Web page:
Then Peter said “wow! Those women were telling the truth after all. Maybe I should have listened to them in the first place!”
Peter had to see for himself.
Many of you probably remember, at least by title, the best-selling nonfiction book of the 1990s: Men are from Mars, Women are from Venus. The scene in this morning’s gospel could be taken right from that book, or others like it published around the same time. Look at the contrasts between women and men in the gospel story:
The women, when they encounter the guys in dazzling clothes, which I always call superhero outfits, are terrified. They don’t know what to make of the empty tomb, and they bow their heads. They know they are in the presence of the holy, and they intuitively act with humility and reverence. The guys in superhero outfits, on the other hand, think it’s obvious. Don’t you remember? They say. While he was still in Galilee, he predicted that he would be crucified and rise again. The women take their time letting this sink in. Ohhhh, now I remember, they each think to themselves. Could it be? They begin to believe, and they run to tell the other apostles. But to the apostles, their words seemed an idle tale, and no one believed them. Peter, the concrete guy, had to go see for himself. He went, and got religion from a pile of bloody linen rags.
We need everyone’s voice to tell the story we just heard: the guys in dazzling clothes, the women at the tomb who are afraid then exuberant, the apostles who first doubt and then believe. This day is about how to incorporate all the voices—men, women, those that proclaim, those that doubt, those that wonder. It’s about the voices of Baptists, Orthodox, Roman Catholic, Episcopalians, Buddhists, atheists. It’s about incorporating all of these experiences of faith into how we are in the world.
How would you tell the Easter story? What would you take on faith, and what would you need to see, in order to believe? What would be the turning point to make you believe?
It is easy to spend a lot of time thinking about whether or not we believe in the resurrection. We all know people—some of us might even be those people—who say: “I believe in the Jesus, but not the resurrection.” There’s not a lot of hard evidence, after all. All we have for evidence is an empty tomb. An empty thing is an odd symbol of faith.
An empty thing is an odd symbol of faith. Absence is a strange symbol of faith. And so we use the cross instead. The cross is something we can see, something we can put our hands on. It is a tangible symbol for sacrifice and suffering. If we leave it bare and lay it on the floor here, it makes us sad. If our children cover it with flowers on Easter morning, it makes us happy. If we turn it sideways, it becomes the bridge we walk across to get to new life, God’s triumph over death. All of this is not proof, but faith. Which brings me back to the empty tomb. It is the empty tomb that makes the cross a symbol of resurrection rather than a symbol of torture and execution.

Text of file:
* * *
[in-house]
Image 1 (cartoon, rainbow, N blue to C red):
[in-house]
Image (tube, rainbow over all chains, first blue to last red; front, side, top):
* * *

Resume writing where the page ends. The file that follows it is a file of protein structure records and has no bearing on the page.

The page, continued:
I don’t know about you, but I am here because of the mystery. I am here because I have no clue whatsoever about what happened between the time when they laid Jesus in the tomb and sealed it up and when the women discovered the two superheroes on Easter morning. I am here because I love that our faith teaches us that the very most important thing that happened in Jesus’ life—God’s defeat over death—is something that we actually can never know for sure. I am here because that never-knowing-for-sure has engendered some of the most beautiful art and music and writing on the planet. I am here because the empty tomb creates space for hope and uncertainty to coexist.
I am here because the empty tomb signifies the already/not yet nature of the kingdom of God. Like Christmas in Narnia, the kingdom of God is always coming, but not quite here. Unlike Narnia, we are not under a winter spell of an evil queen, but rather we are Easter people, always in the process of becoming citizens of a kingdom where the hungry are fed, captives are freed, the sick are healed, and the poor have good news preached to them. The empty tomb is the sign-post pointing to this kingdom. The empty tomb says that the wild reversals Jesus preached about really will happen, have in fact already happened, and have not yet happened.
Who are you in the Easter story? What will you do next? Whom will you tell?